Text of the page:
Will we ‘bee’ smart about pesticide regulation?

May 15, 2014

From: The Daily Caller

Henry Miller/Fellow, Hoover Institution

On April 29, the European Commission failed for the second time to get the votes necessary to pass a proposed two-year ban on several innovative agricultural pesticides known as neonicotinoids (“neonics”). But immediately after reporting that a “qualified majority” of member states had not been reached, the Commission’s health and consumer affairs commissioner, Tonio Borg, announced that he would institute the ban administratively.

Such is the democratic process in the E.U., where the “precautionary principle” — ban or overregulate a product, process or activity, in the absence of complete assurance of safety — reigns.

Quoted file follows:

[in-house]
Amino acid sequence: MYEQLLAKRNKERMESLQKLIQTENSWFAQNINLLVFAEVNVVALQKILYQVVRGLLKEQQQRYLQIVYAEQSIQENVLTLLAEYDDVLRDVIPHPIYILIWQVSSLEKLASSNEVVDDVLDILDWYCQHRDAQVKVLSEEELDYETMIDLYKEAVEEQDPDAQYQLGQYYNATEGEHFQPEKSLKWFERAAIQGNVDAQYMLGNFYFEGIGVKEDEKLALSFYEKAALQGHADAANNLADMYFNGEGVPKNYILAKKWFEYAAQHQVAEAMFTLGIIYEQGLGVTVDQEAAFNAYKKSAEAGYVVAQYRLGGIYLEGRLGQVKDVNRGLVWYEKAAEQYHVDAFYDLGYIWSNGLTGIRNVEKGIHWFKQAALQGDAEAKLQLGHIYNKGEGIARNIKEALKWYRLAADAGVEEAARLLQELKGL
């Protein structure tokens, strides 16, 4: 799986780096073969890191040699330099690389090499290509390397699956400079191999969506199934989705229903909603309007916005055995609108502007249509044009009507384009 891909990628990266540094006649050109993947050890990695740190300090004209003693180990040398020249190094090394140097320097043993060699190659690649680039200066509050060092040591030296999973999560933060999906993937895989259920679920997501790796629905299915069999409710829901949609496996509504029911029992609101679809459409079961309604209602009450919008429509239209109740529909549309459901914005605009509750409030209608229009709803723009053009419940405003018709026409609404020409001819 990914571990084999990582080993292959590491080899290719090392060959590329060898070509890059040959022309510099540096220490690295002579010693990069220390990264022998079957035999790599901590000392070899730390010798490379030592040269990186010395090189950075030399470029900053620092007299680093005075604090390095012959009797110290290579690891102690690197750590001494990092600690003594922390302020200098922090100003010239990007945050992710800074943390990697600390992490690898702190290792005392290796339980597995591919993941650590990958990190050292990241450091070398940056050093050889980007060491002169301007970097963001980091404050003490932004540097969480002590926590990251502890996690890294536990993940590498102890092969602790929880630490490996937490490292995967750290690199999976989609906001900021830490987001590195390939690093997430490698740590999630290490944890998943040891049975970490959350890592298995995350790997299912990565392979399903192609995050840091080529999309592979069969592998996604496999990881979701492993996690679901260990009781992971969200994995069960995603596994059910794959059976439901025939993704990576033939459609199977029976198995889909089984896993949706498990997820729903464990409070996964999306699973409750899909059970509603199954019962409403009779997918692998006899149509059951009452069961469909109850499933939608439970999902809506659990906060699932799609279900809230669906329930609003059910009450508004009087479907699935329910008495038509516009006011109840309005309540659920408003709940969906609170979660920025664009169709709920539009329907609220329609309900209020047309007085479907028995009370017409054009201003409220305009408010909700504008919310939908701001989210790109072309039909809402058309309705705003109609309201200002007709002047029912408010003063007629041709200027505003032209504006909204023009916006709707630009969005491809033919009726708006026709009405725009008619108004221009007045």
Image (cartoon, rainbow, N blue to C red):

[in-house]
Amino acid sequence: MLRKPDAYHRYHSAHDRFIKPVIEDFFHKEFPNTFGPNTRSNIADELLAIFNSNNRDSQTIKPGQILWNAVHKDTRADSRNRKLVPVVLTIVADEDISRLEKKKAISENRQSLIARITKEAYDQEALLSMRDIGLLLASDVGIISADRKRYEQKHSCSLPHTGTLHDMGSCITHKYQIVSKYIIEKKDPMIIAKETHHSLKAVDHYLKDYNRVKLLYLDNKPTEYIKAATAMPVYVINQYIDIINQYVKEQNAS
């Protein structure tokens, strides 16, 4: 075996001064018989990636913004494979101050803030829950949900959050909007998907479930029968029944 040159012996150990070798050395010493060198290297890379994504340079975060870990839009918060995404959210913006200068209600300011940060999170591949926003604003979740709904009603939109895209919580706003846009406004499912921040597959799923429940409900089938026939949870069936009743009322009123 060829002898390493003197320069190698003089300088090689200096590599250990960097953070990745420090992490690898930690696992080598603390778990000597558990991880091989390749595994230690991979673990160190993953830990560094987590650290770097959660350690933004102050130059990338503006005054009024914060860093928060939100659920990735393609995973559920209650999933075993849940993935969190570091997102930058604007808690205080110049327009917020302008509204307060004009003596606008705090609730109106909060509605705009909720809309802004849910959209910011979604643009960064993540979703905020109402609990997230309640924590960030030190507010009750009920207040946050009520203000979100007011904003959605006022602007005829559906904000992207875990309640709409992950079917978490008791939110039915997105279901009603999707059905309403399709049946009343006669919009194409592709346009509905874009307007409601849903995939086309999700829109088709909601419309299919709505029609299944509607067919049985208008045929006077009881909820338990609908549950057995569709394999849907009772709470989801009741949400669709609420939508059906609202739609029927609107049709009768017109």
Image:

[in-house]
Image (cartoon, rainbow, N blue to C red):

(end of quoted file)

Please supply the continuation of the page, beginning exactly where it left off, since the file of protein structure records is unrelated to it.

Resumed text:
It was the European Commission’s wholesale disregard of these inconvenient truths that caused the independent, Washington, D.C.-based Center for Regulatory Effectiveness to conclude that in the United States, similar regulations would fail to meet the requirements of the Data Quality Act (DQA) — the U.S. law that demands that certain scientific standards be met by federal regulatory agencies.

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